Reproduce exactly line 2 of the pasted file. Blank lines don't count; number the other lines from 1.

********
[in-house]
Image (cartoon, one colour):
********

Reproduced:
Image (cartoon, one colour):